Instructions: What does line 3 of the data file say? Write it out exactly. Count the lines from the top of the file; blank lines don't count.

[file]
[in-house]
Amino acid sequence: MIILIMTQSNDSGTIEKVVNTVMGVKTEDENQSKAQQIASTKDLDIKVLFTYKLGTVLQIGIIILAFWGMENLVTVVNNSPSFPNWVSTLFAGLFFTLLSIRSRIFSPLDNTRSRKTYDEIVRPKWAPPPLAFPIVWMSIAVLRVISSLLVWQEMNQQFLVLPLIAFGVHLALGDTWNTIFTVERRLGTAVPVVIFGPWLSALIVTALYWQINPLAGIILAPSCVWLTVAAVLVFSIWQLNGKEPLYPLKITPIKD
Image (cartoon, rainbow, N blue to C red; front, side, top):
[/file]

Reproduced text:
Image (cartoon, rainbow, N blue to C red; front, side, top):